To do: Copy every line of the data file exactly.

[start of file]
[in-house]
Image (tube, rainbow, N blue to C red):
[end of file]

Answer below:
[in-house]
Image (tube, rainbow, N blue to C red):